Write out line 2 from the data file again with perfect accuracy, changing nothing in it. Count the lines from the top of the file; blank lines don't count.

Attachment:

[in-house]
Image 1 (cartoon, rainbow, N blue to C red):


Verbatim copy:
Image 1 (cartoon, rainbow, N blue to C red):